Camera sensitivity has also increased, allowing cameras to operate at lower light levels. Low power infrared LEDs are frequently built into cameras, allowing security cameras to discretely “see” in dark areas by flooding the area with infrared light. This light is not visible to the human eye, although it reflects off surfaces in the area and is picked up by the camera's sensor chip, which allows the camera to see as if the area were lit by visible light. Cameras or external infrared lights will normally specify an illumination range, ie the maximum distance at which an object is visible at night.
While technology has improved the quality of images that are possible, there are still issues that can negate these advancements. Camera locations should be firm to prevent camera shake, especially in windy conditions. Consideration when selecting locations should also be given to bright lights, which can blind a camera, whether these are natural lighting situations, eg sunrise or sunset, or night-time lighting, eg flood lights. Maintenance and regular cleaning, especially of the lens and housing, will ensure that images remain of the highest quality.
When the Data Protection Act 1998 was introduced, owners of CCTV systems examined their systems and procedures and put into place measures to ensure compliance with the legislation. With the improvements in technology, we should consider how this has changed the systems and whether any alterations to internal procedures are required in order to remain compliant.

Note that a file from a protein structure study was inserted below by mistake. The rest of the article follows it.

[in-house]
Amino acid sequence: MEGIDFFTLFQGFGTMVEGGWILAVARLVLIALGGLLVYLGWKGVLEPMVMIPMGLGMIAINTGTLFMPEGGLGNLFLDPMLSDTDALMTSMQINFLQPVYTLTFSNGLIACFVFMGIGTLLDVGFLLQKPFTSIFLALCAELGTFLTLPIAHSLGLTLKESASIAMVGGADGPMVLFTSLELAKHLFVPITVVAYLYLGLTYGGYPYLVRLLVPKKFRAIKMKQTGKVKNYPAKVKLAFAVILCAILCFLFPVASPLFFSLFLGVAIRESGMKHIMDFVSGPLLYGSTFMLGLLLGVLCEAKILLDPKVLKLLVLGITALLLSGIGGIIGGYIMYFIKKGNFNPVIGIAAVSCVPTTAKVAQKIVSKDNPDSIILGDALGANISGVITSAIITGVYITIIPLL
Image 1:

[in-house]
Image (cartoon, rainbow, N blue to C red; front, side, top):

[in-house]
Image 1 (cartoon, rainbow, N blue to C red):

The CCTV Code of Practice issued by the Information Commissioner’s Office advises that “image capture [be] restricted to ensure that they do not view areas that are not of interest and are not intended to be the subject of surveillance”. Therefore when replacing an existing camera, consideration should be given as to whether a higher resolution camera means that items in the background are now identifiable and hence surplus data is now being collected.